MITRE Hackathon Examines the Impact of Emerging Mobile Technologies
The 42 staffers and interns who participated in MITRE’s 2017 Hackathon aimed to connect around problems not projects. and connect they did, using Discuss@MITRE, Github, Hackathon.io, Slack, our internal wiki (MITREpedia)–and these are just the tools. The teams won awards for spirit and motivation, knowledge sharing, innovation, collaboration, team solution, team building, and a judges shout out. As one of our chief engineers remarked: great, great work.–Editor.
Photo: Michael Baker. Intern John Kilgo (left) and computer scientist staff Dave Rocca, at the MITRE site in Bedford, Massachusetts joined their McLean, Virginia teammates in brainstorming crowd control response tools for the military, law enforcement officers, and first responders. Their team, Ballmer’s Peak, took the prize for Best Solution in MITRE’s 2017 Mobile Device Hackathon.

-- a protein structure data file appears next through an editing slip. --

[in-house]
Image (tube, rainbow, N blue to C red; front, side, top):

Authors: Jim Chido and Amanda Andrei
At noon on a Friday this past February, forty-five MITRE employees assembled into teams in seven locations across the country, preparing for the MITRE Mobile Device Hackathon. Approximately 24 hours later, fortified by coffee and Monster Energy drinks, and reenergized by short cat naps, they presented their mock-ups, wireframes, and lessons learned to a panel of judges and the other teams. Their purpose: to better understand how emerging mobile technologies may benefit MITRE’s sponsors.